So how do we practically lead our teams to this new paradigm of innovation?

Know, Show and Let Go

Know Show Let go

Know (not assume)

  • Your people

  • The job to be done

  • The values that shape us

Show (not just tell)

  • What’s to be done

  • How to do it

  • The attitudes and behaviours we expect

Let go (not control)

  • Release your team to do

  • Observe

  • Assess and plan

This is a cyclical process, once you let go, observe and assess. We soon see what people don’t know or now need to know and then repeat… ad infinitum.

@anneknock

 

We live by different rules. One woman’s attempt at navigating them (um, that would be me)

An interesting Twitter exchange developed. I made an unusual comment, as I don’t normally jump into the political discourse. Our female Prime Minister announced the date of the election, with an unprecedented eight month lead in. I tweeted:

“in the 2010 election the PM wore pearls (credibility) and is wearing glasses (this time I mean business)”

The question came back from a person in my feed, “Do we talk about male politicians and what they are wearing as a mark of business or not?” A valid point, to which I added, “We really live by different rules”

A few others leapt into the discussion about comments made about other politicians (from the other side). I also recalled reading that in the 2012 US election campaign, Mitt Romney always had his shirt sleeves rolled up “ready to get working” was the message it sent.

In 2012 a well-known international feminist commentator and writer on Q&A, said about our PM “What I want her to do is get rid of those bloody jackets.”  If the sisterhood can’t seem to get it right, what hope is there?

My Kitchen Rules is a cooking competition by couples, who may be spouses, family members and friends. They are seeking to outdo one another and impress the judges.

Who knows what the audition process was looking for and then what was actually said across the evening of filming, but the editing guidelines seem to say,

“portray the women, especially the all-female pairs, as critical with a quick and cutting mouth. That will definitely get the viewers.”

I am so disgusted by the promos, that I won’t watch the program. But millions are.

We live by different rules. Once we can accept that, work with it.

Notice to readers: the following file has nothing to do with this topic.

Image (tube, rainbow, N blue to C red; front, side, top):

So as a woman who is seeking to make a mark on the world how do I navigate this? A few things to accept:

  • My public comments are (and should be) under scrutiny.
  • The sisterhood won’t necessarily back us up.
  • The media prefer to present women in ways that pit us against one another (while the men passively observe)

We are all wired differently. When my children were small I wasn’t the stay-at-home-mum-type and went back to work fairly quickly and now, in my early 50s I enjoy work and am not looking toward retirement, as I find work to be energizing and engaging.

Again, part of me wants to clarify: there’s nothing wrong with being a stay-at-home-mum nor is there anything wrong with wanting to retire and play golf (or whatever they do). But, I don’t actually need to clarify, because when I talk about what’s good for me, I’m not criticising another.

What are my rules?

  • Be comfortable with who I am, not other people’s expectations of who I should be
  • Equally, be respectful, don’t put my expectations onto others, allow them to be themselves
  • Live to serve and encourage others, especially with my words
  • Know enough about what’s happening in the world, including sport, to communicate and engage with a broad range of people
  • Go with my strengths and identify (and fill) areas where I need help
  • Find creative outlets that fit me
  • Find a clothing style that makes me feel positive about myself
  • Understand the diversity of maleness
  • My opinion is an opinion, not what another person should or must do
  • Listen more and talk less

15 of my 17 years teaching were in boys’ schools and my husband and I have raised two sons. I think that this baptism into the male-world has helped me to navigate it relatively effectively, yet far from perfectly. I quickly learnt that I just need to say something once and then I need to give time to think about it. I have learnt a lot from the young boys I taught, and my husband and sons.